"sleep," Old English ræste, reste "rest, bed, intermission of labor, mental peace," common Germanic (Old Saxon resta "resting place, burial-place," Dutch rust, Old High German rasta, German Rast "rest, peace, repose"), which is of uncertain origin, with no obvious cognates.
Original sense seems to be a measure of distance (compare Old High German rasta, which in addition to "rest" meant "league of miles," Old Norse rost "league, distance after which one rests," Gothic rasta "mile, stage of a journey"), perhaps a word from the nomadic period. Unless the original sense is "repose," thence extended secondarily to "distance between two resting place."
The meaning "support, thing upon which something rests" is attested from 1580s. At rest "dead" is from mid-14c., on the notion of "last rest." Rest stop is from 1973. Colloquial expression to give (something) a rest "to stop talking about it" is first recorded 1927, American English.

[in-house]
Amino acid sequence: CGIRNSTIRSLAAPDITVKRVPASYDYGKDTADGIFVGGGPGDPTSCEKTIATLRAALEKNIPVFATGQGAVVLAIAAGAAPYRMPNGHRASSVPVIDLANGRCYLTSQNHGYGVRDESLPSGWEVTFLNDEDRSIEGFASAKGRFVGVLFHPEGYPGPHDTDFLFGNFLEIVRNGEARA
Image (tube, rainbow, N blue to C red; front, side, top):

"repose, cease from action," Old English ræstan, restan "take repose by lying down; lie in death or in the grave; cease from motion, work, or performance; be without motion; be undisturbed, be free from what disquiets; stand or lie as upon a support or basis," from Proto-Germanic *rastejanan (source also of Old Frisian resta, Middle Dutch rasten, Dutch rusten, Old High German raston, German rasten, Swedish rasta, Danish raste "to rest"), from the root of rest (n.1).
Transitive senses "give repose to; lay or place, as on a support or basis" are from early 13c. Meaning "cease from, have intermission" is late 14c., also "rely on for support." Related: Rested; resting. Resting place is from mid-14c.